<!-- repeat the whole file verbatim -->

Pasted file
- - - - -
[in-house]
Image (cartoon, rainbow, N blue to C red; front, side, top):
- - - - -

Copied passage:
[in-house]
Image (cartoon, rainbow, N blue to C red; front, side, top):